The Vatican is taking advantage of smart technology to attract the younger generation with the newly launched Click to Pray e-Rosary.
The “Click to Pray e-Rosary” is a device targeted to young people as a tool to educate about praying the rosary, according to the Vatican News, the church’s official communication channel.
The e-Rosary is an “interactive, smart and app-driven wearable device that serves as a tool for learning how to pray the rosary for peace in the world.”
It can be worn as a bracelet and can be activated by making the sign of the cross. It is synchronized with a free app of the same name, which allows consumers to access a variety of religious audio guides, exclusive images, and personalized content of praying the Rosary.
GadgeTek Inc. (GTI) is behind the development of the Click to Pray e-rosary device, which is also a tech company dedicated to innovative lifestyle gadgets with operations spanning five continents around the globe.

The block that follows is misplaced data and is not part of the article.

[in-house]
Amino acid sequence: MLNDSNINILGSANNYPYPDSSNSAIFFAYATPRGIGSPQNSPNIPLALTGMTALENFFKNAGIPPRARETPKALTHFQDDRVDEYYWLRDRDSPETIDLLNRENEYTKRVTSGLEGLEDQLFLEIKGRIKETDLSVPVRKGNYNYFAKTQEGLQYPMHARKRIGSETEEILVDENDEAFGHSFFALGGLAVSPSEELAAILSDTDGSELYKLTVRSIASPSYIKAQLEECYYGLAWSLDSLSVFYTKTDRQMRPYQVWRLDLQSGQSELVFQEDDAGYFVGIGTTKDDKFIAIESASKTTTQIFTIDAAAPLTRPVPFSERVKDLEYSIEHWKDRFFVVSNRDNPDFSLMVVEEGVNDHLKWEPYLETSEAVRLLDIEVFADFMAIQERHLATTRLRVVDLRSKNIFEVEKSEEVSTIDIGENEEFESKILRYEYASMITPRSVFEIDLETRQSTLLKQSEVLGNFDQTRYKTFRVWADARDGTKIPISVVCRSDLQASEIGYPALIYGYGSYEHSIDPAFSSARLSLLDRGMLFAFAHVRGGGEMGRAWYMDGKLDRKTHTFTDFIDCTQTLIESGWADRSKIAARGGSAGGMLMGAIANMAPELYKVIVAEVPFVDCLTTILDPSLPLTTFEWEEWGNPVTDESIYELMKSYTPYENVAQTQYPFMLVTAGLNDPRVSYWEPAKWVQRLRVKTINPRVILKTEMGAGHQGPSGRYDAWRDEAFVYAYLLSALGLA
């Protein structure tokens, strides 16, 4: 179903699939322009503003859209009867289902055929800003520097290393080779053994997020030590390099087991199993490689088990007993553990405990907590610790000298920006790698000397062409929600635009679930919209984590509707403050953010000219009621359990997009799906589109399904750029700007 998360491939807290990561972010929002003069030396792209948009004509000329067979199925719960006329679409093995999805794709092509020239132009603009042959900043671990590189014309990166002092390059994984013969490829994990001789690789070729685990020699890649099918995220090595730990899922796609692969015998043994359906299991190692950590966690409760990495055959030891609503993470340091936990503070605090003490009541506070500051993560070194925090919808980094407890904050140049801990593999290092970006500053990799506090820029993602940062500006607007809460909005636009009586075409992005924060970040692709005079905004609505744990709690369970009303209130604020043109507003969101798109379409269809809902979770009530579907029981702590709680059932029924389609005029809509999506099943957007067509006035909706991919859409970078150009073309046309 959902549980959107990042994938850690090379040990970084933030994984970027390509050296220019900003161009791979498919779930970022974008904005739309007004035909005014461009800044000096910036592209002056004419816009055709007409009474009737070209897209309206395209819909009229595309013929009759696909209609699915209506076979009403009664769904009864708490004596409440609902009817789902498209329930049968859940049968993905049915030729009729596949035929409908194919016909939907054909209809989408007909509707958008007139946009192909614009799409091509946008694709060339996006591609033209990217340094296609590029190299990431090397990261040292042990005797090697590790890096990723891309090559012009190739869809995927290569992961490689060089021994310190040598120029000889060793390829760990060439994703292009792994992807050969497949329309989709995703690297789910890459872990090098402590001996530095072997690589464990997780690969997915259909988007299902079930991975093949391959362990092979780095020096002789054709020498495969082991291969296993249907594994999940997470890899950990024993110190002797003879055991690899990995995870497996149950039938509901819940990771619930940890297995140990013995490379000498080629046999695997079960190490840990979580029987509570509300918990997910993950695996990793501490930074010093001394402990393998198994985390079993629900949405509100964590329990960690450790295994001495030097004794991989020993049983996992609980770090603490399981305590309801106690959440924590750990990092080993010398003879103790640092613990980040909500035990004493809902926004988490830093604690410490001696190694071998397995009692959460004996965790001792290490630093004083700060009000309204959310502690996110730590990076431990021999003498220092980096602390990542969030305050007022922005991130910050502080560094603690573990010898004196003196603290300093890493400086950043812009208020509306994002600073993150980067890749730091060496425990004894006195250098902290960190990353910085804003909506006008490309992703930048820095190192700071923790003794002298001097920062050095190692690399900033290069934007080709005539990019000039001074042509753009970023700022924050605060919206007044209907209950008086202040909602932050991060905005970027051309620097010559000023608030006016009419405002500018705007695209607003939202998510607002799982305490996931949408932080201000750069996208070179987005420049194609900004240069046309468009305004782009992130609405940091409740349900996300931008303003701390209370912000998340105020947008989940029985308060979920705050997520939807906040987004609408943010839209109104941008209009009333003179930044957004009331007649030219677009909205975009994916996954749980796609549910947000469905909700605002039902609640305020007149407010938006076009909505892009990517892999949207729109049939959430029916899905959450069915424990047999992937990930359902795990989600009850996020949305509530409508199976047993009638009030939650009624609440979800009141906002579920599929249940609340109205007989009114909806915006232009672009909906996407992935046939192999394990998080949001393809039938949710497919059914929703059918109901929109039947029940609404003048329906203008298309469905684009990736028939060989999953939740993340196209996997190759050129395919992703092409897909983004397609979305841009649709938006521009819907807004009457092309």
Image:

“The wearable device is made up of 10 consecutive black agate and hematite rosary beads, plus a data-storing “smart cross,” The Vatican said. Once activated, the wearer can choose to pray the standard rosary, a contemplative rosary or a thematic rosary, which will be updated throughout the year. The device shows progress throughout each prayer and keeps track of each rosary completed.
Now, even the devout Catholics have their own version of the trendy smartwatches that are taking over most people today, especially those such as Apple’s Apple Watch, Samsung’s Galaxy Watch, or the Fitbit.
More importantly, the device that’s targeted for tech-savvy millennials is designed to help and educate how to pray the rosary in their preference, time, and purpose. The corresponding app even features health tracking info gleaned from the bracelet.
It’s on sale now for 99 euros ($110/£85).
While most people think that the Vatican is an institution void of technology, it actually is not. In recent times, the Vatican has engaged with social media and other forms of technology to help improve their day-to-day operations.
Notably, Pope Francis started his own Instagram account or the Vatican’s other social media presence such as the one over on Twitter.
In a less trendy move meant to save the Vatican’s priceless artwork for future generations, photographers spent 65 nights photographing every inch of the Sistine Chapel to aid in future restoration work — a project that resulted in more than 270,000 still photos.
The Vatican also launched its first iPhone app all the way back in 2008.
Source: Pope’s Worldwide Prayer Network